Self-awareness buffers the consequences of negative feedback: Evidence from an ERP study.

Affiliation

Xu M(1), Liu B(2), Gu R(3), Yang S(4), Wang H(1), Zhu X(5).
Author information:
(1)Institute of Cognition, Brain and Health, Henan University, Kaifeng 475004, China.
(2)Institute of Cognition, Brain and Health, Henan University, Kaifeng 475004, China; Institute of Psychology and Behavior, Henan University, Kaifeng 475004, China.
(3)CAS Key Laboratory of Behavioral Science, Institute of Psychology, Beijing 100101, China; Department of Psychology, University of Chinese Academy of Sciences, Beijing 100049, China.
(4)Department of Psychology, Shanghai University of Sport, Shanghai 200438, China.
(5)Institute of Cognition, Brain and Health, Henan University, Kaifeng 475004, China; Institute of Psychology and Behavior, Henan University, Kaifeng 475004, China. Electronic address: [Email]

Abstract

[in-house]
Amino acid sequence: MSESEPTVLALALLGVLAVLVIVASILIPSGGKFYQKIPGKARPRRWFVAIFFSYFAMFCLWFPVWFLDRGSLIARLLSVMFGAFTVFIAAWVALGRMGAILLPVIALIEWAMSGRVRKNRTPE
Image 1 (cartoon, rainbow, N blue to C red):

Previous studies have found that self-awareness can help people to recruit more cognitive resources, while people with more cognitive resources can better buffer the detrimental effects of negative events. However, it is not clear whether self-awareness can directly buffer the consequences of negative feedback (i.e., reducing neural sensitivity to negative feedback). To explore this issue, we used a scrambled sentence task (SST) to manipulate participants' self-awareness (self vs. other) and investigated whether outcome evaluations in a gambling task are modulated by the self-awareness priming. Event-related brain potentials (ERPs) were recorded while 27 normal adults performed a gambling task. The ERP analysis focused on the feedback-related negativity (FRN), reward positivity (RewP) and P300 component. We found that the self-awareness priming resulted in a smaller FRN response to the losses compared with the other-awareness priming. There was no significant difference in the RewP response to wins between the self-awareness condition and the other-awareness condition. We also found that the self-awareness condition evoked larger P300 amplitude than the other-awareness condition. The present findings suggest that self-awareness can help people to cope with negative feedback in the early semiautomatic outcome evaluation stage (i.e., reducing neural sensitivity to negative feedback) and enhance top-down evaluation to both positive and negative feedback in the late and deliberate stage, providing direct evidence of the adaptive function of self-awareness on outcome experience.